I remember how little my jeans, sneakers and light jacket did against the -30 degree cold of a Saskatoon winter. I’d just woken up on a cold cement floor, shivering under the thin fleece I had for a blanket. I was given a plate with some bread and boiled egg, then left to roam the downtown streets. The idea was to get a sense of what it’s like to be homeless.
The event was called “Hope for the Homeless”, to raise funds and awareness for the city’s homeless population over the course of a weekend. I was in my third year at university when I had the opportunity to participate. The funding went to different organizations to provide care, shelter and food for people living with homelessness. We were to experience what it’s like for 24 hours, walking outside for most of the day, sleeping in a simulated shelter, and visiting local organizations in our core neighbourhoods working every day to help people without homes. It was a cold, miserable and difficult time, even for its short duration. But it turned on a lightbulb for me.
It was heartbreaking to see the circumstances so many dealt with. Some, especially those from the remote north, could not read or write at all. Others had lost so many loved ones in short periods of time, which led them to paralyzing depression. Some said they just fell into the wrong crowd when they were young leading to addictions and worse. The loss that some of these people went through was hard to process. Too many people have told me how when they see someone on the street they think “they did this to themselves.” But they’re fighting an uphill battle every day against the social, economic and political factors that helped to put them there and are keeping them in that situation.
I am now a registered nurse in a neurosciences wing. I’ve seen first hand how poverty and inequality impacts the health of so many patients. In school they called it the “socioeconomic status disparity”. It can look like addiction, or it can look like crime, but it’s always coming from lack of access to housing other basic needs.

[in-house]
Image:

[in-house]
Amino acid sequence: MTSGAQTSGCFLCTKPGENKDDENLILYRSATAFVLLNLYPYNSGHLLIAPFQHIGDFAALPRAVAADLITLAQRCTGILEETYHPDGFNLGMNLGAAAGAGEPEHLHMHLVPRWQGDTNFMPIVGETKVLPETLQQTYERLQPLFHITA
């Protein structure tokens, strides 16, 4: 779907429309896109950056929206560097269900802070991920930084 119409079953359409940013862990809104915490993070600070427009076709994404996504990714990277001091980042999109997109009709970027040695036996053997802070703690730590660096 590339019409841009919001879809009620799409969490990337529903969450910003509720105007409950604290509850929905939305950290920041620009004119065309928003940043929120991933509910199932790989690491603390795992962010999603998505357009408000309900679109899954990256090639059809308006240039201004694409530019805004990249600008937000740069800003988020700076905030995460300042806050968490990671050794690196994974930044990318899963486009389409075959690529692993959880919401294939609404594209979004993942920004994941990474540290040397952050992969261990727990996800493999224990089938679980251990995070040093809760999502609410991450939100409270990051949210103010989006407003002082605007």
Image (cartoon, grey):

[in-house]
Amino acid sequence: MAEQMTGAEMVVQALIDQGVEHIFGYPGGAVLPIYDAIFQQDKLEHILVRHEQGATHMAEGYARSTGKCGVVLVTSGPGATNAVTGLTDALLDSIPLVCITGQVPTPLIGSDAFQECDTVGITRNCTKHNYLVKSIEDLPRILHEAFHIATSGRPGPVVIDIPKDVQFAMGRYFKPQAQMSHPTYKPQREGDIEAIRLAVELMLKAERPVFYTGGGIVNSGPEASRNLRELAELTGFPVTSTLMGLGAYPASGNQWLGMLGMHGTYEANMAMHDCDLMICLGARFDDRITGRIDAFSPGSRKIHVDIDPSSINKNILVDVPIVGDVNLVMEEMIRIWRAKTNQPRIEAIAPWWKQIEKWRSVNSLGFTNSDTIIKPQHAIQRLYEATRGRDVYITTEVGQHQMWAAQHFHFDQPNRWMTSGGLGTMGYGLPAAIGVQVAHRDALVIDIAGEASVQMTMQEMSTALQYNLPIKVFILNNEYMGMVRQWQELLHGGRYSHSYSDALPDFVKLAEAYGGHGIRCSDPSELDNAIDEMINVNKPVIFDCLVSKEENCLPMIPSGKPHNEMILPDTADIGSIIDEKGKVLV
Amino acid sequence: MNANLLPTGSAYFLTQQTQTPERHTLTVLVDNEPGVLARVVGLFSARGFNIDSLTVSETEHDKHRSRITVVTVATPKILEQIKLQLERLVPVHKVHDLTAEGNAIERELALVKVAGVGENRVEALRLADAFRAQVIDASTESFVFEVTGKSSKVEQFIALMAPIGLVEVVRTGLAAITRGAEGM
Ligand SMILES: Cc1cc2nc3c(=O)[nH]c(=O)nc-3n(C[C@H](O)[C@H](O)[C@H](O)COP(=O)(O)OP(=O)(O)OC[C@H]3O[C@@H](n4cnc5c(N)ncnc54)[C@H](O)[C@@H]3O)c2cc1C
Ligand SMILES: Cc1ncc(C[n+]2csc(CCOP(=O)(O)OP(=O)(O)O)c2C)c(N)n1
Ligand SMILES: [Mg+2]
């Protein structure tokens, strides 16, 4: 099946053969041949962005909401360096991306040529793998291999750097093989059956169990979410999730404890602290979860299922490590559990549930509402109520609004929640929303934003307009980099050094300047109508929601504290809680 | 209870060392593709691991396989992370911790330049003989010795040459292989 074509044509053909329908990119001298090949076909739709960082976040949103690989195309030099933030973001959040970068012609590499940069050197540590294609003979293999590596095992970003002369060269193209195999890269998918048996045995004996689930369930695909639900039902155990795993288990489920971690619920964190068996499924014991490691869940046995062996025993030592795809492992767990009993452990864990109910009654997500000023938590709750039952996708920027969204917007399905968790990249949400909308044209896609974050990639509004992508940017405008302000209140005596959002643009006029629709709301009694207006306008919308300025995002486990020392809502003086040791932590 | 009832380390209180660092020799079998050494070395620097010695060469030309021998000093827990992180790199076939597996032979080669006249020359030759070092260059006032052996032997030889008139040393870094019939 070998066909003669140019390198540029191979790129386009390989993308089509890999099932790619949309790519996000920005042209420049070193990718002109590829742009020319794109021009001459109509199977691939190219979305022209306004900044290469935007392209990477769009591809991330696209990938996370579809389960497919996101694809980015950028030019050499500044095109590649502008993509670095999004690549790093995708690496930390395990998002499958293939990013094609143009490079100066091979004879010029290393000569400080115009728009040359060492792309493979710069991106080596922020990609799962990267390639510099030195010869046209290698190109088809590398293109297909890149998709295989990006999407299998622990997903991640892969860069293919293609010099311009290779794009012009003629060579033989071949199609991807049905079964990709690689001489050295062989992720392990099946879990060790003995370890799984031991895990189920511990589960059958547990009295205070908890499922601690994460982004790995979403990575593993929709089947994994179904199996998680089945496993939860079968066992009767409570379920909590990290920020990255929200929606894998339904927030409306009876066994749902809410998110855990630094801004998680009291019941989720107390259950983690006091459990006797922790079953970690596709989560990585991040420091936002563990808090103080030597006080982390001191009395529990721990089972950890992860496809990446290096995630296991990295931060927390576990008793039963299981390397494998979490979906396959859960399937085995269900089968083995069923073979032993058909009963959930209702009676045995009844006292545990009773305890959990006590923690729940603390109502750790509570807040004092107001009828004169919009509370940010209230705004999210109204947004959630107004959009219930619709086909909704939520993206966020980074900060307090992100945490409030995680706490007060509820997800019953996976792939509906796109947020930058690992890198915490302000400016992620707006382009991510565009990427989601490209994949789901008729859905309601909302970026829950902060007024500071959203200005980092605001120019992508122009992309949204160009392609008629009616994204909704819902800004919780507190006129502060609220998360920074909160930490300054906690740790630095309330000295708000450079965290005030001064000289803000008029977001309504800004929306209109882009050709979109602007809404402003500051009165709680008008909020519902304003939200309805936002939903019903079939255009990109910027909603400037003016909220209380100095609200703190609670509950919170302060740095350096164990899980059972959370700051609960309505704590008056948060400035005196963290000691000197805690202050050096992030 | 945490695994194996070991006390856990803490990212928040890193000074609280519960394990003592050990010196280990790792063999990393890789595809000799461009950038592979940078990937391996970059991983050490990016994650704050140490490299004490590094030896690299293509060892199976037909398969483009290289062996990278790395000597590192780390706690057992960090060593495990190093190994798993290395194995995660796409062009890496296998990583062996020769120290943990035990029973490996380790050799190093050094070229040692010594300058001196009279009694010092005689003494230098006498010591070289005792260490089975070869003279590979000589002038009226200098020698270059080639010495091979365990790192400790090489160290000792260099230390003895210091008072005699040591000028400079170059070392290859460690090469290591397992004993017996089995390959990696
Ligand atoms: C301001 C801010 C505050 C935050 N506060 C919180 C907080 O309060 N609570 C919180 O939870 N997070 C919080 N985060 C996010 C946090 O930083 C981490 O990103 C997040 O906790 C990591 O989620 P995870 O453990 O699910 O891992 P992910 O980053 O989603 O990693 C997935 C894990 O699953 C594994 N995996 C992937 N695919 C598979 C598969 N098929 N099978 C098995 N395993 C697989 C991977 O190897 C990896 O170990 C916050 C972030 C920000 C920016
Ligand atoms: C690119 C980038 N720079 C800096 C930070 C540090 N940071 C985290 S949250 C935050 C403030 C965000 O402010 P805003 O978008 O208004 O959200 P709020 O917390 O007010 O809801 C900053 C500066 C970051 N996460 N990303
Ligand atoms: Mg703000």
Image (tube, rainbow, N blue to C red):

"They’re fighting an uphill battle every day against the social, economic and political factors that helped to put them there."
People without homes are also often overlooked when it comes to direct access to healthcare. Their issues are social, economic, political – they’re complex, and so they often don’t get the care they need inside or after they leave the hospital. Multiple barriers of health stop them from even beginning to experience a positive life change, let alone being able to continue recovery from their health problems.
This and cover photo contributed by John Bonnar.
Poverty and inequality aren’t just determinants of our health, they’re determinants of the determinants. They determine if a person can come home and continue therapies, whether its physiotherapy, homecare or whatever the person needs. Not having a stable address, or a safe home, or even access to simple things like showers can create huge obstacles to health.
To address the health impacts of poverty and inequality will take time, policy action, adequate investments and real commitment to change. But even without that, we can all help to make a difference. In urban communities across Canada, rates of homelessness are totally unacceptable – but there’s also the ‘hidden homelessness’ of periodic and unstable housing that is probably the larger problem. In my home town of Saskatoon there are at least 450 individuals who are “fully homeless, but more than 6,000 individuals struggling with "hidden homelessness". It’s believed this number is actually much greater today due to increased cost of living.
"Poverty and inequality aren’t just determinants of our health, they’re determinants of the determinants."
Raising awareness is one way to start the fight against homelessness. If our communities can even just start to see the root causes, or see how homelessness stems from the lack things we take for granted everyday, we have taken a step in the right direction. There are multiple places already at work in our downtown core. Volunteer your time, donate or at the least, have a conversation at the dinner table. Together we can start to look out for the most vulnerable in our communities, and all be healthier for it.
Trent Leland is a registered nurse at the Royal University Hospital in Saskatoon, Saskatchewan.